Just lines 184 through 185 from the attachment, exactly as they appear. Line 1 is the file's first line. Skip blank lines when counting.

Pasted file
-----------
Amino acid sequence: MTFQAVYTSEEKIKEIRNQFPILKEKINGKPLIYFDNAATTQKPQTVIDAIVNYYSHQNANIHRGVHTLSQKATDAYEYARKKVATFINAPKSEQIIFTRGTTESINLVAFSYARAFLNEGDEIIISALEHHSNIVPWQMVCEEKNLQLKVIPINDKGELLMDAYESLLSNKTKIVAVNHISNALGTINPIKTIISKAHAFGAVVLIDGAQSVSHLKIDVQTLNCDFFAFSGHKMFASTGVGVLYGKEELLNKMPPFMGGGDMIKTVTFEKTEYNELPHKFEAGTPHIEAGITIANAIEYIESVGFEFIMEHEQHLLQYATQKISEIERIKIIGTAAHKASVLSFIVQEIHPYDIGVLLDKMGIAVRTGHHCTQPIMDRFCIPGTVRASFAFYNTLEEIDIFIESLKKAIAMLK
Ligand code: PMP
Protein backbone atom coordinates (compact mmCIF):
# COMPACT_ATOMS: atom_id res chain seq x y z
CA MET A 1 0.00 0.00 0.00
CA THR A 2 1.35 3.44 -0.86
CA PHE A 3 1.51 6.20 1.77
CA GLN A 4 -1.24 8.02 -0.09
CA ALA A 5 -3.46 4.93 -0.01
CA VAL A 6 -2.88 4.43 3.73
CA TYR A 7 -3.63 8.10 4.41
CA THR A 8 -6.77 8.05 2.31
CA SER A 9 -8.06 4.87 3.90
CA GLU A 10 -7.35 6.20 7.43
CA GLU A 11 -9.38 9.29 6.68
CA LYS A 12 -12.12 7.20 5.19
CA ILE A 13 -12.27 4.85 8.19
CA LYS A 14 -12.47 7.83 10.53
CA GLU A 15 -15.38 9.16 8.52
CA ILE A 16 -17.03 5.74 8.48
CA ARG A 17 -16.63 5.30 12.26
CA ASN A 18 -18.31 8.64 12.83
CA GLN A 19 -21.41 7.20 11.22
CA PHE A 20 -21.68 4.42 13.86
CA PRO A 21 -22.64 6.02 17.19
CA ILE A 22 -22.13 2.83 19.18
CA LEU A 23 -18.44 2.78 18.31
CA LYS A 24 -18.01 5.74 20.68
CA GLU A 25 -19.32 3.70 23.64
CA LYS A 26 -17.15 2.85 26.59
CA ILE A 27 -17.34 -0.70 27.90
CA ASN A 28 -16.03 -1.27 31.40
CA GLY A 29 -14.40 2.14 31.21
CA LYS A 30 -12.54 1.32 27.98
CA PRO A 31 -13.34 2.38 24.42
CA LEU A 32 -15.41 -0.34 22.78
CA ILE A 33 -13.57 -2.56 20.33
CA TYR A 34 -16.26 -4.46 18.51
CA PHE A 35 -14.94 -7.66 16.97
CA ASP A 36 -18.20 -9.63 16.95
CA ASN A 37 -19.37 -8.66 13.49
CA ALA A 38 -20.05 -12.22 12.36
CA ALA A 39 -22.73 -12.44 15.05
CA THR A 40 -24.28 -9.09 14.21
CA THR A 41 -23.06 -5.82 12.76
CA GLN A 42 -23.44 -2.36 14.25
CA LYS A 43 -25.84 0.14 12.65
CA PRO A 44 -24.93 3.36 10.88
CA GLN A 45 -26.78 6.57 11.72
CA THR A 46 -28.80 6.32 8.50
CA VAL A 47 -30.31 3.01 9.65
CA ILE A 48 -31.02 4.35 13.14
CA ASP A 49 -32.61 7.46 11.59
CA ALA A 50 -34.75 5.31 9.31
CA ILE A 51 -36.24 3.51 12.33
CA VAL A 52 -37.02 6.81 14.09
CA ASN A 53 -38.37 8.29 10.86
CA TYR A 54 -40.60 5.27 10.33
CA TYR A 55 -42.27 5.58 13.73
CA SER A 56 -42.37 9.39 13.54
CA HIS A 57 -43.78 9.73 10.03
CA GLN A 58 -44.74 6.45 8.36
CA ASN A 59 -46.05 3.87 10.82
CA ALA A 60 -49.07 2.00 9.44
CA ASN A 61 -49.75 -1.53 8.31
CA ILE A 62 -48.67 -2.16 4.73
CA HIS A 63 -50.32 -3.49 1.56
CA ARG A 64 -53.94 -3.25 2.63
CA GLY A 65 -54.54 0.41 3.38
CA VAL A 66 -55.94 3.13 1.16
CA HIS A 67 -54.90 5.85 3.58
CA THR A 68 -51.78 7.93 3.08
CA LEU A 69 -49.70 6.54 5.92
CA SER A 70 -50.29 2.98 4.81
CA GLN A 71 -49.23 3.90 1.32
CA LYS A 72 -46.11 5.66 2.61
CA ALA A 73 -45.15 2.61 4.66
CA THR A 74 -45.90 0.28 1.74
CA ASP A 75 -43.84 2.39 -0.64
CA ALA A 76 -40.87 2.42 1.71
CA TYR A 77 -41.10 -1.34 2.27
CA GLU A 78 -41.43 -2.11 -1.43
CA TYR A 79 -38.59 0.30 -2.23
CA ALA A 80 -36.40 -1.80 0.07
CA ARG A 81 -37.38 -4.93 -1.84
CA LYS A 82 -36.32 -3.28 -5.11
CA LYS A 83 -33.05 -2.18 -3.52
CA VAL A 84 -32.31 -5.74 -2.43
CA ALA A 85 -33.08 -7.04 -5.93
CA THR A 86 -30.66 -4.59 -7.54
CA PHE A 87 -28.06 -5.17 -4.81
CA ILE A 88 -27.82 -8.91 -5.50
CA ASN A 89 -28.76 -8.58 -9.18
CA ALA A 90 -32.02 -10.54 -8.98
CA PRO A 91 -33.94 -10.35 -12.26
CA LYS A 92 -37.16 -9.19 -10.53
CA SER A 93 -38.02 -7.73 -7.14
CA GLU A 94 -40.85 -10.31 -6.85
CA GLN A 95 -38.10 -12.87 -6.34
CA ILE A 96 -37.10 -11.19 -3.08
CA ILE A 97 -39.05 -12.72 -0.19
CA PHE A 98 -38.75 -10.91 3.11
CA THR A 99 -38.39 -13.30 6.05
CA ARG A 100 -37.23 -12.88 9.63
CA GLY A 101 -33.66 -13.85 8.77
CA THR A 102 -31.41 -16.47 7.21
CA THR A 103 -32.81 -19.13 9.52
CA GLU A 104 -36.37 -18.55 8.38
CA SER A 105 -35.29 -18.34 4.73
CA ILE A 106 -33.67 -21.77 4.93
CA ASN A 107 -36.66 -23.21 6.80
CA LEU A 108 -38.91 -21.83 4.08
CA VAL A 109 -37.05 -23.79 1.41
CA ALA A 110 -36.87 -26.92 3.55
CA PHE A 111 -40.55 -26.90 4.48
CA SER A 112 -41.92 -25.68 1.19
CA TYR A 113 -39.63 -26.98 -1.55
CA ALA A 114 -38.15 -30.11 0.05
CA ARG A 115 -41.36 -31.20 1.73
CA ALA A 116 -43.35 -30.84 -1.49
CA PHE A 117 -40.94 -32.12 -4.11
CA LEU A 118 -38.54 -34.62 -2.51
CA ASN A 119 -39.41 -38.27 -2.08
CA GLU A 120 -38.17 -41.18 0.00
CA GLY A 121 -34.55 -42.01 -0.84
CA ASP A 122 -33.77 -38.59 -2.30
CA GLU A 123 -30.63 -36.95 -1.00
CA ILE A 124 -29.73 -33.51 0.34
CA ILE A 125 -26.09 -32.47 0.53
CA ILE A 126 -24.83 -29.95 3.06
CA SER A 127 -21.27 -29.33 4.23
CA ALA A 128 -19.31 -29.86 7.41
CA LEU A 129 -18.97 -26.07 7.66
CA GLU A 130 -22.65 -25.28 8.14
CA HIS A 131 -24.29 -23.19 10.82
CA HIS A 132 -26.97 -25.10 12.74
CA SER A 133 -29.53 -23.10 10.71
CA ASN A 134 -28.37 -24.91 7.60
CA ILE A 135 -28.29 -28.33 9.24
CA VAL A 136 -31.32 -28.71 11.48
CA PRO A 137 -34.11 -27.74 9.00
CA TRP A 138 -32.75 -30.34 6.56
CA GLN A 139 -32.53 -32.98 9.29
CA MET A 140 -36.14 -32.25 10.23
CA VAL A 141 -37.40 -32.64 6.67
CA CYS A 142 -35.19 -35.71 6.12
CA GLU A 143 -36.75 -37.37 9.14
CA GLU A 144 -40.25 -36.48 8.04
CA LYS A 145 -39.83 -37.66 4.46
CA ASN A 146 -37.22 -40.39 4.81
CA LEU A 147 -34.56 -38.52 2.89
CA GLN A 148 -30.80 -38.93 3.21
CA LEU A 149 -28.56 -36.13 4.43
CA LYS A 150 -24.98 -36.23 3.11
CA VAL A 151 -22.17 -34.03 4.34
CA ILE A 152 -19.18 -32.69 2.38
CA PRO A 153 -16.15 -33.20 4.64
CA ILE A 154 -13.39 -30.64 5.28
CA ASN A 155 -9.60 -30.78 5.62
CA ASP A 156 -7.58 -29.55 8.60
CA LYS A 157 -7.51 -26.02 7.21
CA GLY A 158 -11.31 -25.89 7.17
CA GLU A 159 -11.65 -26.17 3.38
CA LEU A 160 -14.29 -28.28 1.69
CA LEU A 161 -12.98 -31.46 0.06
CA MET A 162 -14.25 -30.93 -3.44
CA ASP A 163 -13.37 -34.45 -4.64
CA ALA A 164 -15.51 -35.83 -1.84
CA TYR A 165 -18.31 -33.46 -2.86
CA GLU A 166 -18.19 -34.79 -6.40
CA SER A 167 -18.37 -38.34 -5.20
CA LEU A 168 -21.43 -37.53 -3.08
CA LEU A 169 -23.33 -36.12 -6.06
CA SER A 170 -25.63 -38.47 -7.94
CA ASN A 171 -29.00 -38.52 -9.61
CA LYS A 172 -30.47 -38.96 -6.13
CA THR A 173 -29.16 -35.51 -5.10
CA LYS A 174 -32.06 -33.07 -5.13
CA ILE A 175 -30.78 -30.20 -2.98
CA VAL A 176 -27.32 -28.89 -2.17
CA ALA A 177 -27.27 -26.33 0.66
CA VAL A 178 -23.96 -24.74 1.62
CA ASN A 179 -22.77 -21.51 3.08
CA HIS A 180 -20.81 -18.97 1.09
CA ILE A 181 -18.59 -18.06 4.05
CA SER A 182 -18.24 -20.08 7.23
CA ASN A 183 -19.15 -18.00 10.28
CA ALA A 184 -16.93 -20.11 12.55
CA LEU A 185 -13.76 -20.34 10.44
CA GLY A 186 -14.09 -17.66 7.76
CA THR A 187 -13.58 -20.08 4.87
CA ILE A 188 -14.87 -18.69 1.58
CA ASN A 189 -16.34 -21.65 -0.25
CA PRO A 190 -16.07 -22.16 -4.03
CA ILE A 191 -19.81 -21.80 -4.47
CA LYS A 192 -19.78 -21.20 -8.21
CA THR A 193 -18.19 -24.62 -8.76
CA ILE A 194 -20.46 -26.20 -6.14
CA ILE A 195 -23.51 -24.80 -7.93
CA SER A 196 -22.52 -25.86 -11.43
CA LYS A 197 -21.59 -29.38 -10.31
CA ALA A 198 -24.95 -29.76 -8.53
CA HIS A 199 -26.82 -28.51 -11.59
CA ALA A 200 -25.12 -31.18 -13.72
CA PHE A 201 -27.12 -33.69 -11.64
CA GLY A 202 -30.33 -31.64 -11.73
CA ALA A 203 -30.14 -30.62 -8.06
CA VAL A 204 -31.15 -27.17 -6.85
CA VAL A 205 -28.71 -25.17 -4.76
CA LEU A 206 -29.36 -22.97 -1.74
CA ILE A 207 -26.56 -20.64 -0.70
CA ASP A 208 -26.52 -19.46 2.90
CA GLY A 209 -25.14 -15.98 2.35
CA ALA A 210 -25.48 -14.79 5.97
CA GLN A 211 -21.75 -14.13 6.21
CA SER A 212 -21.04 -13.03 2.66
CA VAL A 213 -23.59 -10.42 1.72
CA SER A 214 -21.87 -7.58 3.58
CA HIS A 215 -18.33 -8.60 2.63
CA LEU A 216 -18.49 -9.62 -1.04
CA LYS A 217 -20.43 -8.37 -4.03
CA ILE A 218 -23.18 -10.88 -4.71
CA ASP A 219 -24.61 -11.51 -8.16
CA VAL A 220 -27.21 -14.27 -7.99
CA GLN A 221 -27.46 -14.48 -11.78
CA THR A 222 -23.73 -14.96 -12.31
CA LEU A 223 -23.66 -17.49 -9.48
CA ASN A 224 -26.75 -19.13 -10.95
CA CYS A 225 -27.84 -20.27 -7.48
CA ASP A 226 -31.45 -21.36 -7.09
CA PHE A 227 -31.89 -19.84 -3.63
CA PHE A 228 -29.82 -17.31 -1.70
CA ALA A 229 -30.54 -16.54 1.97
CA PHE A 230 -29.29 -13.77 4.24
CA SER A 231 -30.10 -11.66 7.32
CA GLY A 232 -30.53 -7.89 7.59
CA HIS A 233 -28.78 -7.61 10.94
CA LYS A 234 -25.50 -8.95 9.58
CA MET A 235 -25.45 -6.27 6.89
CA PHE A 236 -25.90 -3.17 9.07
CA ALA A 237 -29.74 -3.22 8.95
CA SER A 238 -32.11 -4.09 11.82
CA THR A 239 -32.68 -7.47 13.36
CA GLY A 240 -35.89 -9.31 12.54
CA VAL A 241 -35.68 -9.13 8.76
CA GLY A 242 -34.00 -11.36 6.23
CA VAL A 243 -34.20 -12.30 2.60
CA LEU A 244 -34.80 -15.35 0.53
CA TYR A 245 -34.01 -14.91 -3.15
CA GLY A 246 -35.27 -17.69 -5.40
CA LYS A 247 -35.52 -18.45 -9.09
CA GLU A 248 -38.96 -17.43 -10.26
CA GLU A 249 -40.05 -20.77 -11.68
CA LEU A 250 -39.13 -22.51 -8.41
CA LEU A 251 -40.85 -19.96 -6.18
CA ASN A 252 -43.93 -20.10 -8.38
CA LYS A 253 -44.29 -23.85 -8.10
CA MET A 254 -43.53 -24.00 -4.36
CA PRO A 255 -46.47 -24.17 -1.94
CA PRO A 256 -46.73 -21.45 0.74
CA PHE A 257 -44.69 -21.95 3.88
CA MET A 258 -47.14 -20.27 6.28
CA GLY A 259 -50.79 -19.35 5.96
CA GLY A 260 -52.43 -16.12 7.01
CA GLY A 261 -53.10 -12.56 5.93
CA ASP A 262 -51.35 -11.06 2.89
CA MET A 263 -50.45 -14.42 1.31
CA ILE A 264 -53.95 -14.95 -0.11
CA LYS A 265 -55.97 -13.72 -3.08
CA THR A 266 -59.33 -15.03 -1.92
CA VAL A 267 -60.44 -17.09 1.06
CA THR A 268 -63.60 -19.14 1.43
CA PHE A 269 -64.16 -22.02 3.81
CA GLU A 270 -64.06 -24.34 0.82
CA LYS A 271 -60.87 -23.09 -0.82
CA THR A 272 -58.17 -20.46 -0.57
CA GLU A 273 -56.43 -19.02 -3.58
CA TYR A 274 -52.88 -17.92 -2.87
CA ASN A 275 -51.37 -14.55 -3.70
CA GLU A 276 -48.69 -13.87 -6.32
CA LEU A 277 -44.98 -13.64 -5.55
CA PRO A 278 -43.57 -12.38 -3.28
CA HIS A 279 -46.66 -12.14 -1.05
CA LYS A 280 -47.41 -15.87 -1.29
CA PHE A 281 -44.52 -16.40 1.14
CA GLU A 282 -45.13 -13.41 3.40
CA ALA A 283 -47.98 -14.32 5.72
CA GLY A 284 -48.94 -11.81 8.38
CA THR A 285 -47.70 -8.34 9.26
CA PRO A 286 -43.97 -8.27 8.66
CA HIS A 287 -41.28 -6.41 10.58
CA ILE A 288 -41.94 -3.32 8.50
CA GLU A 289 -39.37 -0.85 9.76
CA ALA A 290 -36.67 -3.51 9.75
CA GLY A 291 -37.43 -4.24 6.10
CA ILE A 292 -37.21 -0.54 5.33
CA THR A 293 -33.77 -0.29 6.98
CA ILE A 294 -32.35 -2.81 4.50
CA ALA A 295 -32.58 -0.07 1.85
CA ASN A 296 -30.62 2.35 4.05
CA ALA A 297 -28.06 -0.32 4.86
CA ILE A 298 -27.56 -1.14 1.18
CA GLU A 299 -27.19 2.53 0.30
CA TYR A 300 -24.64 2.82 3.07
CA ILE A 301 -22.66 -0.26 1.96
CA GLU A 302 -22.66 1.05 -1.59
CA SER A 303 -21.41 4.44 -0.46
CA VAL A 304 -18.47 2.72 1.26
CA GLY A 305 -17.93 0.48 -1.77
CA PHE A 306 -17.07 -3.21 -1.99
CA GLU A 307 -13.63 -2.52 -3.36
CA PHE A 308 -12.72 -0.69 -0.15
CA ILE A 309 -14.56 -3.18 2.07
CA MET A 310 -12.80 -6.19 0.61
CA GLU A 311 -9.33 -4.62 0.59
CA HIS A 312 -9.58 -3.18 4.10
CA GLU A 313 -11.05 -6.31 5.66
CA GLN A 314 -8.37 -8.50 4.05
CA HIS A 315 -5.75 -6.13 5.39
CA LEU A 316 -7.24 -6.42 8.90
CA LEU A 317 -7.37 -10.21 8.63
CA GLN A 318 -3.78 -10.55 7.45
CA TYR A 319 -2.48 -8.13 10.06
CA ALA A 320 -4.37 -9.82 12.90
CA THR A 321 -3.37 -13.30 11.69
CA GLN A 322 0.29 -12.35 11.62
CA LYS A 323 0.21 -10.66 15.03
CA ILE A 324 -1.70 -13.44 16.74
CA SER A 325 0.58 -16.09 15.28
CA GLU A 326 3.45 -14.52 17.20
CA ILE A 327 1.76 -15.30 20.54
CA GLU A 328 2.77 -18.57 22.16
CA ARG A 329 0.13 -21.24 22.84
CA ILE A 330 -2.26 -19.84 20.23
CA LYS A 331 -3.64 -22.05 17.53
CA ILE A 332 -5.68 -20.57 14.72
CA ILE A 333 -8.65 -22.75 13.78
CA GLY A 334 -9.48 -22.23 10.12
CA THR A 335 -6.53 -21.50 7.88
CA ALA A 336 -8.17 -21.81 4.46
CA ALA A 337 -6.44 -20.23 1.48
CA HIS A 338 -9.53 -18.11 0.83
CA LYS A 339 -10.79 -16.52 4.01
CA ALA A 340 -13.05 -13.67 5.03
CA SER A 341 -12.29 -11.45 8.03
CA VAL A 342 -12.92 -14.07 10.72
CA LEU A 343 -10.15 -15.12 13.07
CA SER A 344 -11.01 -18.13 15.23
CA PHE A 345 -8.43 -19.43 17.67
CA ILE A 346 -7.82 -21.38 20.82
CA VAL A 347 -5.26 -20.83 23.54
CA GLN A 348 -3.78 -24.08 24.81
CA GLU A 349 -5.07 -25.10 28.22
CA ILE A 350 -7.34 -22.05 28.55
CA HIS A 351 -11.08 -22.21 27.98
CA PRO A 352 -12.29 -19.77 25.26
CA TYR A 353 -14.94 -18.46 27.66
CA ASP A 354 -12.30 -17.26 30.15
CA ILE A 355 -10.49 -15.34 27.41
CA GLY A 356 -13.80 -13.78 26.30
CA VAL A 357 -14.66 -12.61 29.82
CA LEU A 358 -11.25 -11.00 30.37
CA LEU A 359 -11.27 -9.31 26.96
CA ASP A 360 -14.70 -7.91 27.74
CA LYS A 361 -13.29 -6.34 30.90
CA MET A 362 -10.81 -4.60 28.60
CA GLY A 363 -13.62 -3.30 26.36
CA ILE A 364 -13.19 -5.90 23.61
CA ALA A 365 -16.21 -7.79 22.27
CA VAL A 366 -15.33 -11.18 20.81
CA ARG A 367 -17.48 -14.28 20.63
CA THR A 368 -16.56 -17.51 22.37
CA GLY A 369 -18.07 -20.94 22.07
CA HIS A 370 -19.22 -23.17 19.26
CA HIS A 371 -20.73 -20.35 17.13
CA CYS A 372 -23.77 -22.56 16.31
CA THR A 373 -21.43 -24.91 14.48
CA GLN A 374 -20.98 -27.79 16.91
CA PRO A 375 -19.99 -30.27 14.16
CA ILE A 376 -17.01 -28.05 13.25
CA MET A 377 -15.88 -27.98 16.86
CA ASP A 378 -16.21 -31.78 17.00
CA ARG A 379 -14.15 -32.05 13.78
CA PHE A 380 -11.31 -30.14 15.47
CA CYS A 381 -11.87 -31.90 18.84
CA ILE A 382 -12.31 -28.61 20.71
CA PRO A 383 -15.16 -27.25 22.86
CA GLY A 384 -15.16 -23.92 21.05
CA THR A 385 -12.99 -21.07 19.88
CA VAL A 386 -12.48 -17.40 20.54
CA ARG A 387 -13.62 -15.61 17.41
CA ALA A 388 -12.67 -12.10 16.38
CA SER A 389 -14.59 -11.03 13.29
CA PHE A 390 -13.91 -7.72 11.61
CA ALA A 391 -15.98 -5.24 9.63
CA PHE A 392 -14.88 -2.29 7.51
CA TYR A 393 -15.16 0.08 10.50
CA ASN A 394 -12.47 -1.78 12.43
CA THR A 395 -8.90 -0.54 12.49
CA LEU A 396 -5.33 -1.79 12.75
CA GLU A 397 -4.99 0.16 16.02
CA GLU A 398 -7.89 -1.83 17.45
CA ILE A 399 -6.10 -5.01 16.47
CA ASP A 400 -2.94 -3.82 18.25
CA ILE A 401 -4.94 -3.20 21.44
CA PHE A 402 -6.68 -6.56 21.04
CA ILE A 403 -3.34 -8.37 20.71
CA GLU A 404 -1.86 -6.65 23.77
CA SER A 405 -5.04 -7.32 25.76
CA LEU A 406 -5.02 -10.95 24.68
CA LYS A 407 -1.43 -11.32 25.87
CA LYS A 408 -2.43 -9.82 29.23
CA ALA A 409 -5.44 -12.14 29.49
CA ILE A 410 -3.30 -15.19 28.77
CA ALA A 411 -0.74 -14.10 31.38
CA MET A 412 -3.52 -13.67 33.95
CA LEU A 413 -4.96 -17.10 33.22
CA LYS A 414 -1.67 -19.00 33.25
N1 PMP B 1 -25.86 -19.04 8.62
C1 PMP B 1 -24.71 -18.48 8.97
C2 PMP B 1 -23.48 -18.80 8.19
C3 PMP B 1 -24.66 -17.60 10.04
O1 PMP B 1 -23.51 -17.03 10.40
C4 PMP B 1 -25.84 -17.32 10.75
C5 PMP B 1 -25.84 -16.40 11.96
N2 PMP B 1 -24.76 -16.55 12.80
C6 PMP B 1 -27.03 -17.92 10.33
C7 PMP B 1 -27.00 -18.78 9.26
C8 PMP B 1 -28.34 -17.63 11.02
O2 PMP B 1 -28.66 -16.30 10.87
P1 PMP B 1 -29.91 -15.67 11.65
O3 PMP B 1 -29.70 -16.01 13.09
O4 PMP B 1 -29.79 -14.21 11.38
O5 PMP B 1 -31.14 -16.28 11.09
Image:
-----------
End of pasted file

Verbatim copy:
CA HIS A 180 -20.81 -18.97 1.09
CA ILE A 181 -18.59 -18.06 4.05